Latency is the delay between the transmission of information from a source and the reception of the information at its destination.
One specific example is the time that elapses between the placement of an order in an electronic trading system and the execution of that order.
The delay can be affected by factors such as geographical distance or bandwidth congestion.
In simplified terms, latency is a measure of delay.
More specifically, latency describes the time that passes between a price quotation being made and a transaction being confirmed.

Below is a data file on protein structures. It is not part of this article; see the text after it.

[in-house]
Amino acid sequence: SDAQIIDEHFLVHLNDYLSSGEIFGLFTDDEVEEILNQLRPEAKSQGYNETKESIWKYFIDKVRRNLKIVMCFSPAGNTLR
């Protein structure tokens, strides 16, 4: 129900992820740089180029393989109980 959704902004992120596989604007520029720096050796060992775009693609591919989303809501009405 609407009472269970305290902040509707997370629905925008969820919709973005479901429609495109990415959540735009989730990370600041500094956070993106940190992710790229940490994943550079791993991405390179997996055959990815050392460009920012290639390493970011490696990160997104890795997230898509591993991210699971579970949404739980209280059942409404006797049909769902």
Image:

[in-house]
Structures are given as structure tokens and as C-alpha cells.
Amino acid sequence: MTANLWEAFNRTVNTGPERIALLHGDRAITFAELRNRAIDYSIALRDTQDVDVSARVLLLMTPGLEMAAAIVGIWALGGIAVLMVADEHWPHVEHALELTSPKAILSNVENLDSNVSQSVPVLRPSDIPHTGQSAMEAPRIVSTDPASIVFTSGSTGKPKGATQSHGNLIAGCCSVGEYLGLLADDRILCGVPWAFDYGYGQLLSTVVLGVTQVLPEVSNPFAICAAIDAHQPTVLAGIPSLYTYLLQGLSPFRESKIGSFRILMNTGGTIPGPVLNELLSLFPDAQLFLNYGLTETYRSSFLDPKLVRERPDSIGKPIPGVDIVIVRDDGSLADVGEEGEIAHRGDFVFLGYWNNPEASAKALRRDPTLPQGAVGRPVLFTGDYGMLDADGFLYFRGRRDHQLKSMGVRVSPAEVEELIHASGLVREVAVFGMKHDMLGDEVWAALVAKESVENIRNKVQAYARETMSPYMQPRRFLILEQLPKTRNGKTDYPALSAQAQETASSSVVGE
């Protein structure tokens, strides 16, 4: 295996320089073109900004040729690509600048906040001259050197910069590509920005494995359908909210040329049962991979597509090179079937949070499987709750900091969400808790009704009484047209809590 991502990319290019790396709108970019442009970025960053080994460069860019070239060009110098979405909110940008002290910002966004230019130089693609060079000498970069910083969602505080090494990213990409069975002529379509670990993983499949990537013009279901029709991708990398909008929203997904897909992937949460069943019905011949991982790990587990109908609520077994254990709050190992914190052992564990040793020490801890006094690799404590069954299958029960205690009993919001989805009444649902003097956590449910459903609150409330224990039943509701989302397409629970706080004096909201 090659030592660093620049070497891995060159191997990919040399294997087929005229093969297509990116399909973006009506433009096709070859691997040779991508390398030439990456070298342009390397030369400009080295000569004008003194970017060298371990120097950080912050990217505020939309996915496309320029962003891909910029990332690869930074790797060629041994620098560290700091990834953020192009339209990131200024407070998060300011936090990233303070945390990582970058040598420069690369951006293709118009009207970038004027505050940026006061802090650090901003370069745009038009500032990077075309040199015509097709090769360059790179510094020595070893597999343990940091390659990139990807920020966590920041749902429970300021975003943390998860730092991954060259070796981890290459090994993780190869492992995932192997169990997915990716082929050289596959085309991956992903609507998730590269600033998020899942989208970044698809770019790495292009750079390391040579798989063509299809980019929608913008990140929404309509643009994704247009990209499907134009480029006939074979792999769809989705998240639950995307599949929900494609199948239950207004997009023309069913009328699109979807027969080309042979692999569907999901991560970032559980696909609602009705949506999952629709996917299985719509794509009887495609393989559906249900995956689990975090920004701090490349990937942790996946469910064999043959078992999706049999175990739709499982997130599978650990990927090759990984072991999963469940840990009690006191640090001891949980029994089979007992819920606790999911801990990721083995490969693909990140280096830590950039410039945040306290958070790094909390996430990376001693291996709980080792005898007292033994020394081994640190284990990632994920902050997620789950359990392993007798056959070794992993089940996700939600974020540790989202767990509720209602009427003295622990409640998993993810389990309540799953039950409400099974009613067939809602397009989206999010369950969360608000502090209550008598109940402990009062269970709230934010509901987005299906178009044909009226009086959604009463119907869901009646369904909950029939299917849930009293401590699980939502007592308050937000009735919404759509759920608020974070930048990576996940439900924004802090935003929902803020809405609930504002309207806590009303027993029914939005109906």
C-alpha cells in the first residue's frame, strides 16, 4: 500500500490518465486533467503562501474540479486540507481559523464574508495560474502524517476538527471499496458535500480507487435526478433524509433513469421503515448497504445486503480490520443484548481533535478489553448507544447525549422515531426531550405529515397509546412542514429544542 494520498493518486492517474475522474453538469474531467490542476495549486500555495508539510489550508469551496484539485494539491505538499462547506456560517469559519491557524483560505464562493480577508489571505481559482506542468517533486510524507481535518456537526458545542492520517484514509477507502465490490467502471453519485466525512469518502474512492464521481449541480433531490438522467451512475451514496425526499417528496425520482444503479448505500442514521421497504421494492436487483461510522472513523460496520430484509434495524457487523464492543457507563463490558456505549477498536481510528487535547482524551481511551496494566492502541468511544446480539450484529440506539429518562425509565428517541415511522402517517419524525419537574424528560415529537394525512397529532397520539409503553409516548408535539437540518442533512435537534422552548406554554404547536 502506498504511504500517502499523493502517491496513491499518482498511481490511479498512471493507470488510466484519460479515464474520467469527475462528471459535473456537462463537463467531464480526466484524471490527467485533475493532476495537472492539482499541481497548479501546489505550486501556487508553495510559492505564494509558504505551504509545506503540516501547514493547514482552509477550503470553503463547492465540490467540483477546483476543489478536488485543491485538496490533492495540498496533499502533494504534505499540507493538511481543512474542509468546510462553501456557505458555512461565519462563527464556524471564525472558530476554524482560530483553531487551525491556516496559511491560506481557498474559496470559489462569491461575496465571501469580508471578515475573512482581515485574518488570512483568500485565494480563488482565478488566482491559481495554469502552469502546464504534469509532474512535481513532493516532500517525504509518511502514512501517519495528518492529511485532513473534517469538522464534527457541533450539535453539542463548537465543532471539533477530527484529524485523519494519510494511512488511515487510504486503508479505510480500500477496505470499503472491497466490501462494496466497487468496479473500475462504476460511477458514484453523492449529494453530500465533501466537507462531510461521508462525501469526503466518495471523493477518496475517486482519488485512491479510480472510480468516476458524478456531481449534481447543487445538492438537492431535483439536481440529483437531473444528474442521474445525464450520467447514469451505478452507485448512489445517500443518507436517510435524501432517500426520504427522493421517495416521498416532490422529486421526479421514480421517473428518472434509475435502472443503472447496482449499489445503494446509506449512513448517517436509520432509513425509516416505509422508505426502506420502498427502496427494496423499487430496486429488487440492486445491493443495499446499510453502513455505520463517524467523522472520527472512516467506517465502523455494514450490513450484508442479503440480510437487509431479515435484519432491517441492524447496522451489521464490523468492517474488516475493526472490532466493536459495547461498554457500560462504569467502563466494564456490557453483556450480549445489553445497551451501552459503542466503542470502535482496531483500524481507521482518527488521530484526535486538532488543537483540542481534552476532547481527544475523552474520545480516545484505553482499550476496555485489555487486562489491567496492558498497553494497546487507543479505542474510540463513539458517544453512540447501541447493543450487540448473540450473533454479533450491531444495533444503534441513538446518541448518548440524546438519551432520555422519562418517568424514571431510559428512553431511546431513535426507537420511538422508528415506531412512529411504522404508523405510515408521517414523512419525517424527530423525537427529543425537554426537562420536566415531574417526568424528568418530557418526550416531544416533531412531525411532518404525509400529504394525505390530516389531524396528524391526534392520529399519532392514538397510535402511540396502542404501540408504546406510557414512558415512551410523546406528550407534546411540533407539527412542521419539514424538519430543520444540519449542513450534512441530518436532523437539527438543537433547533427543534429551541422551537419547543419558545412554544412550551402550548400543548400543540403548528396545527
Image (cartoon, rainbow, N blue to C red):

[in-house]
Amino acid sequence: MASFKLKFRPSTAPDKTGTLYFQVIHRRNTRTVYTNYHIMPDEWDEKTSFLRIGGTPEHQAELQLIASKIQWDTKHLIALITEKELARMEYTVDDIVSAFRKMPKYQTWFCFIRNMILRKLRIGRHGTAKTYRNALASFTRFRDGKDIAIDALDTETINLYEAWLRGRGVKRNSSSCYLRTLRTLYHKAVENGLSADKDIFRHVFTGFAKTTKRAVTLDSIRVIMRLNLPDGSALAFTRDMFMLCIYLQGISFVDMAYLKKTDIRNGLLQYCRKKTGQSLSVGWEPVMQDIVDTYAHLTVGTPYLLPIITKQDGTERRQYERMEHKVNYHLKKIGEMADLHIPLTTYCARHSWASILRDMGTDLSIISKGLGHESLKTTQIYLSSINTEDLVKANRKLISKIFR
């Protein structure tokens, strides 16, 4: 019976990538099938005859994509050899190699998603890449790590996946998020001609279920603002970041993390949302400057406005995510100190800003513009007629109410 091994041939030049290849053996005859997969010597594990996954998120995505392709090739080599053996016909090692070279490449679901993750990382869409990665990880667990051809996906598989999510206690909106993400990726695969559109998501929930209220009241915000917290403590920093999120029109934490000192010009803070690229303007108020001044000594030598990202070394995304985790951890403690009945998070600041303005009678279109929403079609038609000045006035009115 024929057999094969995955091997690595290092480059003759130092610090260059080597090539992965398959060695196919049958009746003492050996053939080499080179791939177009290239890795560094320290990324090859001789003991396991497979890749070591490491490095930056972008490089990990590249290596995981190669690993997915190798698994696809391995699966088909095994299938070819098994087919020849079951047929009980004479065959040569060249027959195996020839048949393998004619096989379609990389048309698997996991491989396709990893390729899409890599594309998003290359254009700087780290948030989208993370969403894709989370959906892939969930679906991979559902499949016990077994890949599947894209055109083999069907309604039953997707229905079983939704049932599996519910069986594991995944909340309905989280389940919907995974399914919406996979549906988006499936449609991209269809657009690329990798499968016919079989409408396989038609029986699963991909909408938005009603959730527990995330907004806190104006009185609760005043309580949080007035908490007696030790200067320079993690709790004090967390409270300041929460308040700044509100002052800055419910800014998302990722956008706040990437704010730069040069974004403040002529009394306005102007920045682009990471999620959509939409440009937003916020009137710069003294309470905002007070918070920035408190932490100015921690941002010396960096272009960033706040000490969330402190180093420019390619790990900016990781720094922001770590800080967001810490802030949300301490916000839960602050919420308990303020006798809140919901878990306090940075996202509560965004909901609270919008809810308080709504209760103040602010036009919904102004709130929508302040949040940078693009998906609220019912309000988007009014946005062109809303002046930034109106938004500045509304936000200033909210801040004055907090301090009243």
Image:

Latency can be a consequence of a wide range of technological shortcomings.
- Inadequate network performance can lead to communication latency, or the time needed to communicate between two network nodes.
- Inadequate server processing power, meanwhile, can lead to so-called application latency, or a delay arising because the reply requires a large amount of processing before it can be sent.
- Inadequate computer processing power can prompt memory latency, or the time needed to write or access data in memory within a computer program in order, for example, to run a margin check on a client.